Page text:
All The Way Round the Track
The Gananoque Secondary School track team was wanting new members.
The team already had the regulars who were excellent at what they
did, the ones who usually won all the school sports activities.
I wasn't much of a runner, or a jumper, but I had school spirit
and signed up just in time for the Eastern Ontario Secondary School
The coach entered me in the 440 yard dash. I went out every night
to do some form of training and ran as far as I could, about half
the way around the track. "But you're meant to run all the
way round," the couch suggested. "The 440 is the equivalent
of one lap of the track."
That was about all the attention I got from the coach. So, I continued
to go out after school, run a little bit and then go back in and
change. I figured that I'd just save all my energy for the big event.
On the day of the championship I was handed a pair of spike shoes
that were at least one size too big. I'd never worn spikes before
and had no idea how they felt while running. When I put them on
I seemed to stick to the ground.
Just before the heats for the race my teammates offered me words
"Use the blocks and push off really hard when you hear the
pistol go off."
"Start the race slowly and as you work your way around the
track pick up speed then really charge down the last straight stretch
to the finish line."
As I walked over to the starting blocks, lifting up my spiked feet
with each step, I noticed that all my competitors were tall and
lanky with long slender and muscular legs. I was a short four-foot-five
inches and had legs that looked like they belonged to a chicken
not a sixteen-year-old girl. There were five of us in the heat.
We bent down and took our positions with our feet in the blocks,
hands out in front on the ground, backs arched with bums up in the
air, and heads raised.
The pistol went off and so did the other runners. What was that
I was told about starting out slow and then picking up speed? My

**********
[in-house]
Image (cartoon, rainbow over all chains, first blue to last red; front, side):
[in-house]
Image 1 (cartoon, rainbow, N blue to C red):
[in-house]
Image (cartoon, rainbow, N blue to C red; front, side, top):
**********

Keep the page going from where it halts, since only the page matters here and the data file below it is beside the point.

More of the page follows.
opponents were already far ahead of me, like a flash, as I trailed
in fifth place. I gave it my all as I successfully went past the
half way mark, about the furthest I had ever run. One of the other
runners fell to the side of the track which meant I was now in fourth
place. That was encouraging. I pleaded with my body for lots of
energy, and as I rounded the last curve before hitting the straight
stretch I heard my fellow students from GSS yelling, "Go Rosemary!
Go! You can make it! Go Rosemary! Go! Go! Go!"
I was surprised that I had such support. Me? Little me? I was elated.
I was in pain. I was dying. My chest was caving in and my legs didn't
seem to be a part of my body anymore. I saw the finish line ahead
and just charged at it. I had made it, all the way round the track!
And I wasn't last.
I collapsed into the arms of two supporters who carried me to the
grass on the side of the track and helped me as I groaned, my chest
heaving with pain. I really thought I was ready to die. I didn't.
I lived. The encouraging advice I then received was that had I practiced
running all the way round the track before the race I wouldn't have
felt quite so bad, in fact, I might have enjoyed reaching the finish